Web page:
Head coach Wayne Gretzky was a no-show today when the Phoenix Coyotes began training camp for the 2009-10 season, due to the on-going financial status of the club that has been tied up in court.
According to the Canadian Press, assistant coach Ulf Samuelsson will run the training camp on an interim basis.
"We certainly miss him but things have to play out in court with all the legal stuff," said Samuelsson. "Until we sort that out, we've really got to go forward a day at a time here.
"We had a Plan A and a Plan B going here for awhile," he added. "We're ready."
Gretzky makes $8 million annually, the highest salary of any coach in the NHL. He is also an investor, serving as the Coyotes managing partner.
Court Proceedings Could Decide Coyotes' Fate
The Coyotes are mired in bankruptcy court where a sales auction occurred on over Thursday and Friday with the NHL and Research in Motion co-CEO Jim Balsillie fighting for control of the club. The NHL wishes to keep the franchise playing in Glendale, AZ at Jobing.com Arena while Balsillie would relocate the team to Hamilton, Ontario, Canada where the team would play at Copps Coliseum (see images and details of a proposed renovation plan for the arena)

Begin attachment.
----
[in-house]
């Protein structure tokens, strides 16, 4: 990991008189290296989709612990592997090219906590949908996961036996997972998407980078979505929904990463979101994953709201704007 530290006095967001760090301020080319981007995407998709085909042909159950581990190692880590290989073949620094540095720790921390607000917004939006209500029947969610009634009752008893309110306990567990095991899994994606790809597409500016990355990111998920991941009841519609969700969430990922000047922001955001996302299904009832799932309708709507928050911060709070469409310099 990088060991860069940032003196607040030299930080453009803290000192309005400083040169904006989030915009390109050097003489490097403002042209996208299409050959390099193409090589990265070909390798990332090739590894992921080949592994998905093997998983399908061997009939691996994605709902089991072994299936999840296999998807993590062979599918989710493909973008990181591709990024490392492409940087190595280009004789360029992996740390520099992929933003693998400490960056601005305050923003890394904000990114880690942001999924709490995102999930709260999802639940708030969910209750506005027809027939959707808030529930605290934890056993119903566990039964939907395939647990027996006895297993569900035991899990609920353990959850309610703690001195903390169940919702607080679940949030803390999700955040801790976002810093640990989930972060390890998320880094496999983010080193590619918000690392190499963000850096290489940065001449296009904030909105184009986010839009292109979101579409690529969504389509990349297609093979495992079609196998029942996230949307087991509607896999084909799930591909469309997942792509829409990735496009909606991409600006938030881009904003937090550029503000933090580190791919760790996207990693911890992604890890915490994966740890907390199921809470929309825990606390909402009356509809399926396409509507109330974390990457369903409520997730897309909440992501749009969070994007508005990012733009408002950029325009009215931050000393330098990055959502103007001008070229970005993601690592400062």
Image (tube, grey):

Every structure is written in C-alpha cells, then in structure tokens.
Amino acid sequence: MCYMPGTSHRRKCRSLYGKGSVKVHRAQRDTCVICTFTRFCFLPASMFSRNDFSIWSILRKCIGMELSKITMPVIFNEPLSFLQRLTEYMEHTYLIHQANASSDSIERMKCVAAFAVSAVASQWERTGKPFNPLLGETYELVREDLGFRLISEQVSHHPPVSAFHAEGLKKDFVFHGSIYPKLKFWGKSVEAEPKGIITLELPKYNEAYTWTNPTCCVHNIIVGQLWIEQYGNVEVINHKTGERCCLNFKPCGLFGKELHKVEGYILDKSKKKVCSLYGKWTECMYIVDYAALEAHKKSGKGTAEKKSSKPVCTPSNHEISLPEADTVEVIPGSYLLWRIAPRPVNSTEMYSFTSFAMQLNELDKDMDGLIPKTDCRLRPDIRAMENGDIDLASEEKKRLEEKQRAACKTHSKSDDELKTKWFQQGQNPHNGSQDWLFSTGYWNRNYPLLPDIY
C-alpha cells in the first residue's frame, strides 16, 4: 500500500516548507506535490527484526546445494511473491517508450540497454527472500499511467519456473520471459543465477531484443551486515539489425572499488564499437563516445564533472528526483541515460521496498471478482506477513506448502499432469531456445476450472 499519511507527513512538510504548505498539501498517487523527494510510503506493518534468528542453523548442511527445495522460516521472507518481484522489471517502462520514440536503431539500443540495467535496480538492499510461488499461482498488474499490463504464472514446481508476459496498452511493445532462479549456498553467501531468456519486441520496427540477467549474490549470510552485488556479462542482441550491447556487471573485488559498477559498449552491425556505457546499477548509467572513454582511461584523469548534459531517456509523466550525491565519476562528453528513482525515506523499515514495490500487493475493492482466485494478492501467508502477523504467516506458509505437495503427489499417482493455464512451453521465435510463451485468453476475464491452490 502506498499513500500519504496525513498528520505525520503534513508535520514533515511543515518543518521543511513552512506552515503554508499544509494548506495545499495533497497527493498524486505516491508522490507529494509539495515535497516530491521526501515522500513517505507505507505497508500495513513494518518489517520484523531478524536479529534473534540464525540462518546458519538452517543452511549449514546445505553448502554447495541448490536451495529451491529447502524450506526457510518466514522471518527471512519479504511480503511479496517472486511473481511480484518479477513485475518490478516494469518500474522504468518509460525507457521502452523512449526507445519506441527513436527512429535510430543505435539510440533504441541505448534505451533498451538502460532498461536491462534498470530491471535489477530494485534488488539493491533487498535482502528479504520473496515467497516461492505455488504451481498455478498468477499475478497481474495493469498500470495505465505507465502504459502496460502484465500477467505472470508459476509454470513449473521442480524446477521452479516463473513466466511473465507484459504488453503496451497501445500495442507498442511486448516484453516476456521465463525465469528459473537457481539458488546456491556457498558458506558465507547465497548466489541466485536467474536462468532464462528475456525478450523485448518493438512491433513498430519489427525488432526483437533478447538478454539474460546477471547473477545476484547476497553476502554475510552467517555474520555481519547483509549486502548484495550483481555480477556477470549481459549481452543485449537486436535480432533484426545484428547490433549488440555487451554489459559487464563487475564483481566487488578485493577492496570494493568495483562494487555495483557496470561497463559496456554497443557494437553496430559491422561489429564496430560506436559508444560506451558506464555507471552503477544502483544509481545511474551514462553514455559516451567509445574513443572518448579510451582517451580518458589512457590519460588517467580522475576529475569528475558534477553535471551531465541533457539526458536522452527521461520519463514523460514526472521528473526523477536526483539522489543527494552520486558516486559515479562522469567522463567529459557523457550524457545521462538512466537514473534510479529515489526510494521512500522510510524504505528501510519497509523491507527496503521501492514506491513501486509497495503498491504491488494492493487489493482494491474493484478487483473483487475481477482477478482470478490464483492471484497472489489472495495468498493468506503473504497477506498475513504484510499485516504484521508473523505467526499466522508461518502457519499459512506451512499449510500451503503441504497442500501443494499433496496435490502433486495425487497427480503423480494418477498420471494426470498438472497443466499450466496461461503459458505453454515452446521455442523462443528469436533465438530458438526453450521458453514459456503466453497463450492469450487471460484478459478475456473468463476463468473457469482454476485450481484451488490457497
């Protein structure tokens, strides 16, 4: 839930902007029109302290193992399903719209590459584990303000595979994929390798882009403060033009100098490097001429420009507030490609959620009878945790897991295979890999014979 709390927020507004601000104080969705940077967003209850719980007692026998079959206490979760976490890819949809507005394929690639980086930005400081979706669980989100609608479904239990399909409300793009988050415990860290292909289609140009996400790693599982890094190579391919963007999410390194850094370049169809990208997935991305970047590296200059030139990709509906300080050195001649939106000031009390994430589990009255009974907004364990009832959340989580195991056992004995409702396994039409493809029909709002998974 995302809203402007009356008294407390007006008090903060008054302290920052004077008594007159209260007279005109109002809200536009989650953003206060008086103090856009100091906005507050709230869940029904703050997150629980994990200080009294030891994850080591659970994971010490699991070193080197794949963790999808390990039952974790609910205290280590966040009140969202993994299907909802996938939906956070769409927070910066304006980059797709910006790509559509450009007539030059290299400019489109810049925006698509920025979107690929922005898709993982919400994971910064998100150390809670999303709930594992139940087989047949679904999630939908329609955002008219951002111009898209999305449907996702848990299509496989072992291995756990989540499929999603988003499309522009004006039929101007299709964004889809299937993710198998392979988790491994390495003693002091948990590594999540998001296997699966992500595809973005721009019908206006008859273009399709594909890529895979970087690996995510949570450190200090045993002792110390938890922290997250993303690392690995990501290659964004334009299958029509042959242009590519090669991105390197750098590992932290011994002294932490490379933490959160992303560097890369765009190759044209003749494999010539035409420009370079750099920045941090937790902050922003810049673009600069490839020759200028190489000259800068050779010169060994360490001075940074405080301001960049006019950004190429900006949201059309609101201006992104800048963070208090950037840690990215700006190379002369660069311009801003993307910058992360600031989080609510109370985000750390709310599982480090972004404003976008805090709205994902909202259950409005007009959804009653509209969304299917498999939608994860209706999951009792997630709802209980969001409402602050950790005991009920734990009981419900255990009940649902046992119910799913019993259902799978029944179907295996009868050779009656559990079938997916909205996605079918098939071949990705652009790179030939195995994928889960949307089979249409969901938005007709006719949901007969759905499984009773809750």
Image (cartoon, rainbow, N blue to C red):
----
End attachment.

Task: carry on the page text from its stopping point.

As part of the court proceedings on Thursday, the court was informed that Gretzky was willing to take a pay cut from $8 million to $2 million annually as part of the Ice Edge LLC bid that was eventually pulled as part of the sales auction process on Thurs. and Fri.
Friday, both the NHL and Balsillie increased their bids for the club that has bled red ink; $60 million alone last year, and have lost $300 million since moving to Glendale in 1996. Balsillie has bid $242.5 million while the NHL has offered $140 million. While the figures seem far apart, based upon how creditors would be paid, the distance is not that great. As reported by Bloomberg News:
Balsillie agreed to guarantee that the city of Glendale, Arizona, which built the Coyotes hockey arena for $180 million, would collect at least $50 million. The NHL agreed to pay almost all creditors in full and guarantee at least $18.3 million to those who won’t be fully repaid, including coach Wayne Gretzky who claims to be owed at least $7.5 million.
The main creditors and company lenders sided that attended Friday’s hearing sided with the NHL’s bid while majority owner Jerry Moyes has sided with Balsillie’s bid.
U.S. Bankruptcy Judge Redfield T. Baum has said that he would render a decision before the Coyotes’ season starts. He has also not ruled out a “no sale” decision in which the status quo would remain in place. In that instance, it is assumed that the NHL would continue to work toward selling the team to an investor willing to keep the club in the Phoenix area.
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